Does that speak to you...? There are other images too...of the crucified one hanging on the cross, in the lower part of that same tapestry, which you can only see from the Lady Chapel...or the vulnerable baby clasped in his mother's arms in the Stalingrad Madonna found in the Millennium Chapel....or the head crowned with thorns, the "Car Crash Christ" on the way into the Chapel of Unity.
Which speaks to you?
You don't have to choose, actually. It's not either/or. All aspects are always and eternally part of who Christ is - and thus of who GOD is. Suffering and glorified....vulnerable, helpless but saving the world...
Jesus....showing us God.
everyone who confesses the Son has the Father also.
That’s it, pure and simple.
An antidote to dodgy theology and confusing interpretation.
A test of orthodoxy and a reassurance in the face of life’s storms.

In the latter years of the twentieth century, David Jenkins, then Bishop of Durham, attacted much controversy and condemnation for some honest exploration of the details of faith – but once the media hype had settled what was left was his own personal creed
God is. God is as God is in Jesus. Therefore there is hope”
He added, sometimes “You can’t keep a good God down. Even the CHURCH can’t keep a good God down”….and God – well, God is as he is in Jesus.
To me, that sounds like the ultimate in orthodox teaching. God shown to us in the life and teaching, in the death and resurrection of Jesus. God both promising and demonstrating to us that nothing can stand in the way of self-giving love, that always, non-negotiably, love wins...that at the heart of everything, before everything and after everything has ceased to be, we can depend on God’s love

If what you heard from the beginning abides in you, then you too will abide in the Son and in the Father.And now, little children, abide in him, so that when he is revealed we may have confidence and not be put to shame before him at his coming.

Abide in him….for HE is our natural element...the only place to stay if we are to really flourish…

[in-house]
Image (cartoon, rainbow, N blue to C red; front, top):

A fish out of water needs to be returned to water pretty swiftly, really...but if time outside helps us to see what our environment is really all about, then it has to be worthwhile.

One night last week we were offered the almost inevitable after-dinner quiz - which featured a round of acronyms. Sadly, it did not include one of my favourites...KISS – Keep It Simple, Stupid.

Keep it simple...God is as he is in Jesus. Therefore there is hope.

1 comment:

UKViewer said...

Thank you for an early morning dose of God is Jesus - just what I needed as I ponder on our Concert of favourite hymns last evening in our Parish Church.

The Choir performed 37 hymns chosen by the congregation to great applause and congregational singing as we joined them in their performance.

As the words of familiar and not so familiar hymns passed through my lips, I shivered as worship, so glorious raised my expectations and imagination of Jesus among us, singing to the Glory of God. I already knew that Choral singing was a vivid expression of our mutual faith and community, joined in worship of God, but this concert was an expression of love, that really got to me.

Praise be to God for those moments that he gives us his presence as a gift and through his Son as an example for us all - his followers.